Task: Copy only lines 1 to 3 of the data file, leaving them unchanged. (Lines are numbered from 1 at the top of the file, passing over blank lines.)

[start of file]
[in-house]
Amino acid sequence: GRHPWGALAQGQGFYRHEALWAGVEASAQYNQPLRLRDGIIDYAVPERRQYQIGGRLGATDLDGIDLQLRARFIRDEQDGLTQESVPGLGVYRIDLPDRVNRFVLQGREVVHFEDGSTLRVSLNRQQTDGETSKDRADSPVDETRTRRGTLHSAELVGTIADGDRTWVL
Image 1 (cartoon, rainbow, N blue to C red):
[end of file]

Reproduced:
[in-house]
Amino acid sequence: GRHPWGALAQGQGFYRHEALWAGVEASAQYNQPLRLRDGIIDYAVPERRQYQIGGRLGATDLDGIDLQLRARFIRDEQDGLTQESVPGLGVYRIDLPDRVNRFVLQGREVVHFEDGSTLRVSLNRQQTDGETSKDRADSPVDETRTRRGTLHSAELVGTIADGDRTWVL
Image 1 (cartoon, rainbow, N blue to C red):